Goldman CEO Blankfein: Equality is good business
(MoneyWatch) 278 companies joined the friend of the court brief supporting overturning the Defense of Marriage Act (DOMA), which will be argued before the Supreme Court at the end of this month. One company in particular has not only lent its name, but its CEO has become one of the faces of marriage equality.
Lloyd Blankfein, CEO of Goldman Sachs took an early lead on the issue when he appeared in a Human Rights Campaign video last year. At the time, the LGBT world (of which I am a proud member) was buzzing: Why did he do it? Did he have a gay child or sibling? Was this an effort to rebuild a tarnished reputation after the financial crisis? As it turns out, the answer was simpler: Blankfein believes that "equality is good business".
The counter-argument in the brief is that DOMA is bad for business, because it forces employers to violate their own policies and principles and treat employees differently. Additionally, the brief states DOMA can undermine teamwork, efficiency and causes needless distractions. The conservative Family Research Council, which filed a brief opposing gay marriage, blamed "a corporate environment dictated by wealthy, pro-homosexual activists" for the growing corporate support of same-sex marriage and said that the business issues cited in the briefs were "trivial."
The issues were not trivial, according to the large companies who joined the brief. In addition to technology firms (Amazon, eBay, Facebook, Google, Microsoft, Twitter) which have often been leaders on LGBT issues, the brief is populated with some of the largest global financial firms. In addition to Goldman Sachs, Aetna, AIG, Bank of NY Mellon, Citigroup, Credit Suisse, Morgan Stanley, New York Life and State Street all joined the brief. In fact, Morgan Stanley has joined both amicus briefs for the cases that will be before the Supreme Court: The one related to overturning DOMA (United States v. Windsor) and Hollingsworth v. Perry, which considers the constitutionality of California's proposition 8, which banned same-sex marriage.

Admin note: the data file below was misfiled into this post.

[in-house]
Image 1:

While many signed, there are plenty more the did not. Noticeably absent from brief were financial giants JPMorgan Chase, Bank of America, Wells Fargo and American Express. The omission of Bank of America is particularly surprising, since the the company hosted the 2012 Out on the Street Annual Conference (note: I was a moderator of a panel at this conference) and Mark Stephanz, Vice Chairman, Global Financial Sponsors of Bank of America, has been an outspoken LGBT advocate.
Only six Dow Jones Industrial Average components joined the brief, including Alcoa, Cisco, Johnson & Johnson, Microsoft, Pfizer and Walt Disney. In addition, CBS Corporation joined the brief.
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